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Deceptive mini Fireball bottles do not contain whiskey

If you’re reaching for a shot-sized bottle of Fireball at the grocery store, you might want to read this. The small bottle may not contain whiskey, but instead a “malt-flavored beverage.” “These are tough economic times. Consumers, Maine residents, have a right to have their money go to things that are what they say they are,” said attorney Spencer Sheehan. In a new lawsuit, a customer represented by Sheehan claims that the similar bottles in different stores make it misleading to them. who buys the cinnamon-flavored alcohol. “Before I even realized it wasn’t whiskey, I wouldn’t have tried another one of those again,” said Tom, a shopper in Westbrook. The lawsuit called the labels “almost identical” and said the manufacturer intended for consumers to mistake what was inside. “It’s still something they pay more for,” Sheehan said. Now, Fireball whiskey maker Sazarec is being sued for $5 million. The lawsuit goes on to explain the difference between the two liquids: Whiskey is a distilled spirit, and a malt liquor is a beverage based on fermentation, with flavors and colors added later. The lawsuit alleges that those picking up the product at a grocery store wouldn’t even realize the word “Whisky” was missing from the small bottle. “‘Fireball’ is not qualified by the word ‘brand,’ which could warn buyers that what they are buying has little connection to cinnamon whiskey,” the lawsuit states. The bottle states that it is a malt beverage, but the suit adds that it is in the smallest size allowed when it comes to the font on the bottom of the bottle. In addition to the small font, the document claims that not putting the word “flavor” after the words “Natural Whiskey” will continue to mislead buyers who expect what’s in the larger bottle bought in liquor stores. The mini bottles are sold at a premium price of $0.99, which the lawsuit alleges is more than the plaintiff would have paid had she known about the deceptive packaging. The lawsuit continues: “(The) Plaintiff cannot rely on the labeling of not only this product, but other flavored malt beverages that use the names of distilled spirits because she is unsure whether their representations are truthful.” Fireball is accused to directly market and represent the bottles as whiskey rather than a malt beverage, as the lawsuit alleges fraud and negligent misrepresentation of its product. The class action complaint seeks to have Fireball correct its “practices” and to be awarded monetary, statutory and/or punitive damages, among other awards. You can read the entire lawsuit by clicking here.

If you’re reaching for a shot-sized bottle of Fireball at the grocery store, you might want to read this. The small bottle must not contain whisky, but instead a “malt flavored beverage”.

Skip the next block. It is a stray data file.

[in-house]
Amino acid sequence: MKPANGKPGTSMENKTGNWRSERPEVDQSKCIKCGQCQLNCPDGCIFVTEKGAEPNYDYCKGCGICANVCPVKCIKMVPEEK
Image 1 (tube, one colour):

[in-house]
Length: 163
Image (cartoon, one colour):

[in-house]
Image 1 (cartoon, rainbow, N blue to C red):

“These are tough economic times. Consumers, Maine residents, have a right to have their money go to things that are what they say they are,” said attorney Spencer Sheehan.

In a new lawsuit, a customer represented by Sheehan claims that the similar bottles in different stores are misleading to those buying cinnamon-flavored alcohol.

“Before I even realized it wasn’t whiskey, I wouldn’t have tried another one of those again,” said Tom, a shopper in Westbrook.

The lawsuit called the labels “almost identical” and said the manufacturer intended for consumers to mistake what was inside.

“It’s still something they pay more for,” Sheehan said.

Now Fireball whiskey producer Sazarec is being sued for $5 million.

The lawsuit goes on to explain the difference between the two liquids: Whiskey is a distilled spirit, and a malt liquor is a beverage based on fermentation, with flavors and colors added later.

The lawsuit alleges that those picking up the product at a grocery store wouldn’t even realize the word “Whiskey” was missing from the tiny bottle.

“‘Fireball’ is not qualified by the word ‘brand,’ which could alert buyers that what they are buying has little connection to cinnamon whiskey,” the lawsuit states.

The bottle says it’s a malt beverage, but the suit adds that it’s in the smallest size allowed when it comes to the font on the bottom of the bottle.

In addition to the small font, the document claims that not putting the word “flavor” after the words “Natural Whiskey” will continue to mislead buyers who expect what’s in the larger bottle purchased at liquor stores.

The mini bottles are being sold at a premium of $0.99, which the lawsuit alleges is more than the plaintiff would have paid had she known about the deceptive packaging.

The lawsuit continues: “(Plaintiff) is unable to rely on the labeling of not only this product, but other flavored malt beverages that use the names of distilled spirits because she is unsure whether their representations are true.”

Fireball is accused of directly marketing and representing the bottles as whiskey instead of a malt beverage, as the lawsuit alleges fraud and negligent misrepresentation of its product.

The class-action complaint seeks to compel Fireball to correct its “practices” and to be awarded monetary, statutory and/or punitive damages, among other awards.

You can read the entire lawsuit by clicking here.

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